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city the skyline in manhattan there, it's 5:40 a.m. eastern time. the days are getting longer, little by little, so we'll see when the sun comes up. welcome back to "worldwide exchange." countries across the country are trying to figure out when to bring workers back to the office and what the new normal, to coin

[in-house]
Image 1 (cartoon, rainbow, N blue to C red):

a mohamed el-erian term, robert frank joins us to tell us what he has been hearing specifically >> good morning, dom, the ceos, the top employers in new york city are looking at september as really the earliest date to start bringing workers back to the office the partnership for new york city, they represent about 300 ceos of the top companies and employers in new york city they say that september target, that assumes an optimistic rollout of the vaccine, and workers getting vaccinated that date could easily slide even further when the ceos were surveyed back in october of last year, most said the reopening would be july of 2021. so you can see that that could push forward yet again the partnership saying only about 10 to 15% of the 1.5 million manhattan office workers have currently returned. tiffany is the latest to try to bring some workers back with the new owner telling executives and staff they will be required to be in the office two days a week